28 June, 2011

What Does it Mean to Believe in Reality?

I tend to say things like "I believe in reality and nothing else." Possibly seeing the world "reality" as a potential chink in the armour of my belief system, someone asked me recently to define what I mean by it. You know, it's a hard question, and I can only think of long answers to it.

Basically, like Samuel Johnson, I'm a rock kicker, not a solipsist (that Occam's Razor thing again). Once you take the step of believing in an external reality, it seems the sensible thing is to accept what your senses tell you. After that, to know more than what you personally experience, you need to start accepting what other people tell you they have seen and felt. And the only way to separate true from bogus (or mistaken) accounts, is to rely on the scientific method. Observations need to be replicable, theories need to be clearly and transparently related to observation by solid argumentation, and experiment must always trump theory (when enough evidence exists). On top of that, coherence and mutual support among theories is nice to have too.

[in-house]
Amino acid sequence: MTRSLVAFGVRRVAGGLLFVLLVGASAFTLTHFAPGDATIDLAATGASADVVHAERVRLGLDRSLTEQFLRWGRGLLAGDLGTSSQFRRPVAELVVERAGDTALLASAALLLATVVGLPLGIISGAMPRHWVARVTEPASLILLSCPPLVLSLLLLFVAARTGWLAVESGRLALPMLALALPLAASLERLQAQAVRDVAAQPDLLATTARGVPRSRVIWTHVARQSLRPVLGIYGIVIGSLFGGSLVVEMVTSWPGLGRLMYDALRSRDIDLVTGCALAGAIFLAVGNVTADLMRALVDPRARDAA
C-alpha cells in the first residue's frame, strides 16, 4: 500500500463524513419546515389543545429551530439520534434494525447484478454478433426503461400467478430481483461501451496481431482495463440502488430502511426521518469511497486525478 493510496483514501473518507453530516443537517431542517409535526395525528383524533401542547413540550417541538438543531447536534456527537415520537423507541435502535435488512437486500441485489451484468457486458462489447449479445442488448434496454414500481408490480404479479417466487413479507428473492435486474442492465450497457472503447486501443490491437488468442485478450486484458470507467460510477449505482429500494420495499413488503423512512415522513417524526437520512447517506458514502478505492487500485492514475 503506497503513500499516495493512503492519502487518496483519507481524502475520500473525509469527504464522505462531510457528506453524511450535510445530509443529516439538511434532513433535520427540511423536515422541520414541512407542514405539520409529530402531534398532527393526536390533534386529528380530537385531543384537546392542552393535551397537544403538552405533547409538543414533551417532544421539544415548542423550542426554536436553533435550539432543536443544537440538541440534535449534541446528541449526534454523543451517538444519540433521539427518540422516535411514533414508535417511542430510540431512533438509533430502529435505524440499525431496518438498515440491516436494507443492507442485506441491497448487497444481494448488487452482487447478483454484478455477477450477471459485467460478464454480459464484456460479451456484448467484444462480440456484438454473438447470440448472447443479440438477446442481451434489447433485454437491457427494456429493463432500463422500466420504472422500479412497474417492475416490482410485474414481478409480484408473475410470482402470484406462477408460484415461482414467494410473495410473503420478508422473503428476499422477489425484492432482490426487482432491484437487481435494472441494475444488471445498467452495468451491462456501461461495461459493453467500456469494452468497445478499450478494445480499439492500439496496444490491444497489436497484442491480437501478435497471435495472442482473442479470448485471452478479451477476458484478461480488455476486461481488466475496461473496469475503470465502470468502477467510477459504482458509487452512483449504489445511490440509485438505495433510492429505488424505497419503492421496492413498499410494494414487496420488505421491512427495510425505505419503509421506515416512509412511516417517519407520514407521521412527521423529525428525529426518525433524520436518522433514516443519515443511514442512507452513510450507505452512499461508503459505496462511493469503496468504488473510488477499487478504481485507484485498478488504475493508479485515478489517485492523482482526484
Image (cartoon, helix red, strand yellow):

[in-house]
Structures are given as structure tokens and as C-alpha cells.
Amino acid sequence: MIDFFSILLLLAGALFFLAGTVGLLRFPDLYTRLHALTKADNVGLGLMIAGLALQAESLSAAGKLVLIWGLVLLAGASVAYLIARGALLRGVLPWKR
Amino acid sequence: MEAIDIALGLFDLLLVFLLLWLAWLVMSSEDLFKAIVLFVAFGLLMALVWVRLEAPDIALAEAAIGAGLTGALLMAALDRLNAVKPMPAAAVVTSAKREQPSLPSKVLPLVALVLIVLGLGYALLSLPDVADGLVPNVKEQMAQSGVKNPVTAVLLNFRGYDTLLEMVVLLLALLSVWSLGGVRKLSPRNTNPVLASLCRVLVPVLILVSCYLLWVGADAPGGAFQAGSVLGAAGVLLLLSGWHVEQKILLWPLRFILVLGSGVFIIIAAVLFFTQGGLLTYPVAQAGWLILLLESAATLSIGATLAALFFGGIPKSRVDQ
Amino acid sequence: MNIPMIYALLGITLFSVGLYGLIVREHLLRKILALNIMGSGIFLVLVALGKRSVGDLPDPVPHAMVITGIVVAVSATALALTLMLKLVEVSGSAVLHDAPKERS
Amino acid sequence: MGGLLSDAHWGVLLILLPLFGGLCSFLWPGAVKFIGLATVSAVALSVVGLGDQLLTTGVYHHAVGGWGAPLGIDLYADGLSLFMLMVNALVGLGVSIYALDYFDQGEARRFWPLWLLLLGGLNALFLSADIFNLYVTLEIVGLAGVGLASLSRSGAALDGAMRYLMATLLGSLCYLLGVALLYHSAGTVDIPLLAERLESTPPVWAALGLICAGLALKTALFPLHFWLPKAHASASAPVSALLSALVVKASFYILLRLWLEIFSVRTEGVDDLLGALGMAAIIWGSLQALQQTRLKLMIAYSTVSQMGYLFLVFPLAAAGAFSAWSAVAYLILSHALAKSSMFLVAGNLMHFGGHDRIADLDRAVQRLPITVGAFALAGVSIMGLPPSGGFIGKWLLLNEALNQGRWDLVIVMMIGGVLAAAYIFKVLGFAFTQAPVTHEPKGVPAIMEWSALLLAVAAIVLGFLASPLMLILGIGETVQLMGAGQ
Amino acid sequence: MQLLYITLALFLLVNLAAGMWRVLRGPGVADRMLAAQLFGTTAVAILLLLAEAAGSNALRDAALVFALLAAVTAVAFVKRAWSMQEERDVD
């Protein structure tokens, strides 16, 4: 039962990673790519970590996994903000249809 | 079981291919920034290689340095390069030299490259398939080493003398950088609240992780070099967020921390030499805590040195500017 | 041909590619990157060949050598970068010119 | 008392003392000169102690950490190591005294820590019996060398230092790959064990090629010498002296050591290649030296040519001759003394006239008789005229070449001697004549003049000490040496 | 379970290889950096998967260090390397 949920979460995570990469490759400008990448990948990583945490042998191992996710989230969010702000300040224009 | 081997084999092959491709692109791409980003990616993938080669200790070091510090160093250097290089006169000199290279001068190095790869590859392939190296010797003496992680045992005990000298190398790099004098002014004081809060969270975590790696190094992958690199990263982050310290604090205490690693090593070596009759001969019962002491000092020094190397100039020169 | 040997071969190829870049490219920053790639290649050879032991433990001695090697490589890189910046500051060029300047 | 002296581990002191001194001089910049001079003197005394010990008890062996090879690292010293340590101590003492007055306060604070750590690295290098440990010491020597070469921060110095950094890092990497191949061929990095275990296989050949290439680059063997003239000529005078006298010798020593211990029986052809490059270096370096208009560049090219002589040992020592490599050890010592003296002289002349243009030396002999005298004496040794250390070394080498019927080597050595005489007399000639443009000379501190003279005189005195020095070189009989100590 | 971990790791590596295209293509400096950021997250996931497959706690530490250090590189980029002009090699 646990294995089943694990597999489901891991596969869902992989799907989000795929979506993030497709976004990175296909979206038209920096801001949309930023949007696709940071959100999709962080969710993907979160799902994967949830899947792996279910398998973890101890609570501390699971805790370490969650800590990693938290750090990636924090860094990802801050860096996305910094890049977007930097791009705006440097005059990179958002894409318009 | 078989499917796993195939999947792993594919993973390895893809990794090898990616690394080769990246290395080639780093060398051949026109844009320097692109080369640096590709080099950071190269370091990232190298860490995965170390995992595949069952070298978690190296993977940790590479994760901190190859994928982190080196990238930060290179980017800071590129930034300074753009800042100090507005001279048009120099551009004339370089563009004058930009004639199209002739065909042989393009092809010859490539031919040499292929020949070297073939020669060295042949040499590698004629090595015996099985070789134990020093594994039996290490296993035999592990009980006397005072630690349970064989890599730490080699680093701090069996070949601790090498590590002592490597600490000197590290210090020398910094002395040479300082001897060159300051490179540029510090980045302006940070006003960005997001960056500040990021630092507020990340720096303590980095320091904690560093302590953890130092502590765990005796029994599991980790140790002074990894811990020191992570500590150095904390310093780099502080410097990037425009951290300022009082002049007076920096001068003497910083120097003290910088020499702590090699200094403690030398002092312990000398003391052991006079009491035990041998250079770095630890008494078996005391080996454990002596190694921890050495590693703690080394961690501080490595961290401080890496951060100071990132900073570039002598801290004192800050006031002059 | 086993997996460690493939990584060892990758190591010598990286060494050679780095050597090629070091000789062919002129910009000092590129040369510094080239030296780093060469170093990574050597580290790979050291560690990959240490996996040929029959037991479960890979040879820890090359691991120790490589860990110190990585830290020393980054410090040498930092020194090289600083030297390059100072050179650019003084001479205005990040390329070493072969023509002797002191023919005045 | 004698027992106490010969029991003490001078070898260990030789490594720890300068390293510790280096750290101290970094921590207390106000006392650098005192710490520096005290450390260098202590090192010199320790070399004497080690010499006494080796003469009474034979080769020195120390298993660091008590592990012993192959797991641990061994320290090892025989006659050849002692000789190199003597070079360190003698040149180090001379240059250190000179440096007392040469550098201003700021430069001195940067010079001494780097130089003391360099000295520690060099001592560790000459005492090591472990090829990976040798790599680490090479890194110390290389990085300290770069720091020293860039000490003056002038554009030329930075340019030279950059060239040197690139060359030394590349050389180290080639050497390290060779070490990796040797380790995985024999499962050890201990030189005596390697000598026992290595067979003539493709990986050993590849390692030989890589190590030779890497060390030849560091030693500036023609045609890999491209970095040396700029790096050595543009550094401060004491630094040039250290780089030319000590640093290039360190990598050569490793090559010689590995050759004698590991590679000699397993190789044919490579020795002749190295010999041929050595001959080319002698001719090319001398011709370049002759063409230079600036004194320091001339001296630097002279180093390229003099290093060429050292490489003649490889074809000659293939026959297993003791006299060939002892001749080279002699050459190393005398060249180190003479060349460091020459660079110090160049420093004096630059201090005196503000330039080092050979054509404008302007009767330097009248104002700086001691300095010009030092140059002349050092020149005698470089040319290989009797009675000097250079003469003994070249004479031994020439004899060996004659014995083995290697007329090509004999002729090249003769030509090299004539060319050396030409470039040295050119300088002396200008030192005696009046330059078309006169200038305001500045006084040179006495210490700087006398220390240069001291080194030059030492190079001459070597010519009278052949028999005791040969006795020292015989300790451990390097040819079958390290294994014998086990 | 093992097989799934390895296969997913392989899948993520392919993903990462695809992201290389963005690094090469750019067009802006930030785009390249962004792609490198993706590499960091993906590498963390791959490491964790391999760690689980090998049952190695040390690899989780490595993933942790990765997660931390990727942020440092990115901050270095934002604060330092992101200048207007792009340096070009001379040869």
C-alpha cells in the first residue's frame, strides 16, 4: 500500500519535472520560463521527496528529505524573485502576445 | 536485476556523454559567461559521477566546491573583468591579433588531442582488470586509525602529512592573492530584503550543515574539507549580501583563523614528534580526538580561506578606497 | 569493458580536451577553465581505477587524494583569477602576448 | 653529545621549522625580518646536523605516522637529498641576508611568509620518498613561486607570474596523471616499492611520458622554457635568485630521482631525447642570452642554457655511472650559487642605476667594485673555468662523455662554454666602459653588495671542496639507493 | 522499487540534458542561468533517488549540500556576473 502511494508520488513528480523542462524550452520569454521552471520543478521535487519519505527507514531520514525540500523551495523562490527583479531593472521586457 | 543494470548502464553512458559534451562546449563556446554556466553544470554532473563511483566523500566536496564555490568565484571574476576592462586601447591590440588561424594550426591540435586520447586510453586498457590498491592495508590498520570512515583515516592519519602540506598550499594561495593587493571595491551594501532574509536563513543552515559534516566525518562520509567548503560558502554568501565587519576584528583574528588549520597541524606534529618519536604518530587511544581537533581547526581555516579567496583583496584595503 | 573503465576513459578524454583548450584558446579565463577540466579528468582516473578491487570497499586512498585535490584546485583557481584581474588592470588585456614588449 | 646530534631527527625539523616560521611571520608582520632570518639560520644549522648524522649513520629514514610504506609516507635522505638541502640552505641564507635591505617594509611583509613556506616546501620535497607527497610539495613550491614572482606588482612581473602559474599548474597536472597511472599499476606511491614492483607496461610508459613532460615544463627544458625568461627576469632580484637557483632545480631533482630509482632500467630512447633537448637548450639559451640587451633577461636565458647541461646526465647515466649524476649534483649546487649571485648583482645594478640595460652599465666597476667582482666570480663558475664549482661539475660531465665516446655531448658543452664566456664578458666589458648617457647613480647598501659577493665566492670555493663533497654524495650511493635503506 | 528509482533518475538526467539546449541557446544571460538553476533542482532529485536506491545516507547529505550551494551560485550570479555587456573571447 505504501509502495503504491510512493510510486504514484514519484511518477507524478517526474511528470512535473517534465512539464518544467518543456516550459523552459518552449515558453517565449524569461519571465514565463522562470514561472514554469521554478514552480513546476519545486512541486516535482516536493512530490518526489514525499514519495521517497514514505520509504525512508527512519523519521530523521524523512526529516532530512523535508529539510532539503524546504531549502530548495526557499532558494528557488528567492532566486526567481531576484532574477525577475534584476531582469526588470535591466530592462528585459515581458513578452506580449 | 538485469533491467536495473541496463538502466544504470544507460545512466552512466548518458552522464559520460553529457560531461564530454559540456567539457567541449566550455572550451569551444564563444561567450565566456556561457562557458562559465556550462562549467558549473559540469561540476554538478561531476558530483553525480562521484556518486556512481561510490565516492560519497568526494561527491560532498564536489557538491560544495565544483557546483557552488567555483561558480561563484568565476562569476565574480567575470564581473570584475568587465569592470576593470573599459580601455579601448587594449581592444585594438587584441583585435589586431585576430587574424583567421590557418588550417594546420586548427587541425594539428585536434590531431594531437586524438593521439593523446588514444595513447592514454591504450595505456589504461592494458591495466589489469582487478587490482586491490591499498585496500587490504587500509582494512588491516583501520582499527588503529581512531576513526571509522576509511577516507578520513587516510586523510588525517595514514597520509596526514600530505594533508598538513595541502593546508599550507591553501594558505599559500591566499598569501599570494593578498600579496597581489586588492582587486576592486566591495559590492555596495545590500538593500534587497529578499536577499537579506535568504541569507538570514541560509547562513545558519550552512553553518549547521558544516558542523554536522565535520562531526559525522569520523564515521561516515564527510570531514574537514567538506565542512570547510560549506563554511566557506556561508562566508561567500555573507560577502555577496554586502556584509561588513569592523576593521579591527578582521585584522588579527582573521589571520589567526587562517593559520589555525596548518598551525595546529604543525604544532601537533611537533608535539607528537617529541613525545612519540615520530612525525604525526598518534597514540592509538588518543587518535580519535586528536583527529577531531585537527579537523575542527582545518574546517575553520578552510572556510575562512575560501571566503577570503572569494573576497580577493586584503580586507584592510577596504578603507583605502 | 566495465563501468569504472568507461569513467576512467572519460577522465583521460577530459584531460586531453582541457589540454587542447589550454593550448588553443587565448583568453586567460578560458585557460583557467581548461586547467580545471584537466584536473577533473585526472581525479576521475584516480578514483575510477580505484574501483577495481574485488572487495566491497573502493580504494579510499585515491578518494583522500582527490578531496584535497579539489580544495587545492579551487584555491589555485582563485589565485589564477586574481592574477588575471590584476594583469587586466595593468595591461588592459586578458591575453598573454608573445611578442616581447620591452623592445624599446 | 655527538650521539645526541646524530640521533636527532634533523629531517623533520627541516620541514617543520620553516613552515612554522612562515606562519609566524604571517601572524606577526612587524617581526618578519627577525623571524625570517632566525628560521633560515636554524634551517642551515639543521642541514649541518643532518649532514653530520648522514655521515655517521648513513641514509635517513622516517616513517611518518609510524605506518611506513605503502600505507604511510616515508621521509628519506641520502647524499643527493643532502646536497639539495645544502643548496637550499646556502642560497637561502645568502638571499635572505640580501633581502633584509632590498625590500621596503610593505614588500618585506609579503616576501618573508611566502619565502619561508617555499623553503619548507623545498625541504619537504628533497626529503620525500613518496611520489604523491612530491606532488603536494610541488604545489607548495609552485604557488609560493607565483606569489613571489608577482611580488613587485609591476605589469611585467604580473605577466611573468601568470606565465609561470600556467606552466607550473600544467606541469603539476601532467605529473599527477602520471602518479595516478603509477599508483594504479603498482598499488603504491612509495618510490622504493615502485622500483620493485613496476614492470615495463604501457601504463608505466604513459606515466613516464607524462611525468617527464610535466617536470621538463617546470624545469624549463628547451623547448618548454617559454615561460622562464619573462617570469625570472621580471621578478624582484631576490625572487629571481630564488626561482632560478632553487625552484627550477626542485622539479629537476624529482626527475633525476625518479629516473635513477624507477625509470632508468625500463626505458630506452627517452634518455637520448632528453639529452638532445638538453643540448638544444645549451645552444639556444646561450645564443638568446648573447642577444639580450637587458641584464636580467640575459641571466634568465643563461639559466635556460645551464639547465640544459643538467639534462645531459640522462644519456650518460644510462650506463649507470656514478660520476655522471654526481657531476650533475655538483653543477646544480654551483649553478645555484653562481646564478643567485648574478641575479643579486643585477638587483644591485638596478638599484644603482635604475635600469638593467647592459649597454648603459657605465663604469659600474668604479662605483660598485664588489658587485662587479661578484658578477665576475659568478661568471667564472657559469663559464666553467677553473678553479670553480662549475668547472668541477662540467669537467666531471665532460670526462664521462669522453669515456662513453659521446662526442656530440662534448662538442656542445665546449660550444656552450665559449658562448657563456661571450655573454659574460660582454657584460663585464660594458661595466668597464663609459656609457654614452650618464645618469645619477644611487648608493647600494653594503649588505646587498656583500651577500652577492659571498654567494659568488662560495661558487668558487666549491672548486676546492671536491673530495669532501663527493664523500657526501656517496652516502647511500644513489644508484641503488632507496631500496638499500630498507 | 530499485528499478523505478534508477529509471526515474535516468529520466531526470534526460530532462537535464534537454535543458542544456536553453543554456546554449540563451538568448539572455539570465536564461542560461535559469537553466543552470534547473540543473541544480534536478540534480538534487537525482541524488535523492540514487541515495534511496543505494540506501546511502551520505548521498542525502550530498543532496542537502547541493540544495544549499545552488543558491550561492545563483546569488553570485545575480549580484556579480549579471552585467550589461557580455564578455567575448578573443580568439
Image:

Within the vast arena of our ignorance and the tiny capacity of our intellect, this leaves much to wonder and marvel at in the world. So much, in fact, that I wonder why anyone needs magic at all. When, from what we know and the arguments that sustain it, we can suppose that the whole universe might be a holographic projection from the surface of a cosmic sphere, one hardly needs the rather mundane imaginings of religious fantasists to excite one's sense of wonder.

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